Sound localization is the ability to perceive the position of auditory events. Humans locate sounds in the environment by interpreting the acoustic signals that reach the ears. When these signals are altered, as in many conditions of hearing loss, locating sounds can become challenging. Adaptation mechanisms enable training of sound localization abilities, even in adulthood. In this thesis, I explored the cognitive mechanisms involved in sound localization and I tested the impact of multisensory and motor variables when training acoustic space perception in normal hearing adults, aging people with presbycusis and cochlear implant users. To these aims, I used an innovative virtual reality approach (VR). In the first two studies, I explored the effect of visual and motor information on sound localization and validated the overall VR approach, in young (Chapter 2) and ageing participants (Chapter 3). In the subsequent three studies, I demonstrated the effectiveness of a reaching-to-sound training, based on multisensory feedback and active listening, in normal hearing people with one ear plugged. First, I showed that this training improves performance more than a comparable control condition (Chapter 4); next, I showed that reaching to sound training generalizes toward a different auditory spatial task in normal hearing people with one ear plugged (Chapter 5); finally, I showed that training and generalization effects can also be observed in people with deafness that use bilateral cochlear implants (Chapter 6). These results extend the current models of acoustic space relearning and propose multisensory-motor trainings that have the potential to transfer to clinical and applied contexts.

Active listening in sound localization: Multisensory and motor contributions to perceiving and re-learning the auditory space / Valzolgher, Chiara. - (2021 Oct 27), pp. 1-192. [10.15168/11572_321729]

Active listening in sound localization: Multisensory and motor contributions to perceiving and re-learning the auditory space

Valzolgher, Chiara
2021-10-27

Abstract

Sound localization is the ability to perceive the position of auditory events. Humans locate sounds in the environment by interpreting the acoustic signals that reach the ears. When these signals are altered, as in many conditions of hearing loss, locating sounds can become challenging. Adaptation mechanisms enable training of sound localization abilities, even in adulthood. In this thesis, I explored the cognitive mechanisms involved in sound localization and I tested the impact of multisensory and motor variables when training acoustic space perception in normal hearing adults, aging people with presbycusis and cochlear implant users. To these aims, I used an innovative virtual reality approach (VR). In the first two studies, I explored the effect of visual and motor information on sound localization and validated the overall VR approach, in young (Chapter 2) and ageing participants (Chapter 3). In the subsequent three studies, I demonstrated the effectiveness of a reaching-to-sound training, based on multisensory feedback and active listening, in normal hearing people with one ear plugged. First, I showed that this training improves performance more than a comparable control condition (Chapter 4); next, I showed that reaching to sound training generalizes toward a different auditory spatial task in normal hearing people with one ear plugged (Chapter 5); finally, I showed that training and generalization effects can also be observed in people with deafness that use bilateral cochlear implants (Chapter 6). These results extend the current models of acoustic space relearning and propose multisensory-motor trainings that have the potential to transfer to clinical and applied contexts.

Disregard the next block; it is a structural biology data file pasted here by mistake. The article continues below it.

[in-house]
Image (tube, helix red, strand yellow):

XXXIII
2019-2020
CIMEC (29/10/12-)
Cognitive and Brain Sciences
Pavani, Francesco
Farnè, Alessandro
Farnè, Alessandro
FRANCIA
Inglese
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Utilizza questo identificativo per citare o creare un link a questo documento: http://hdl.handle.net/11572/321729
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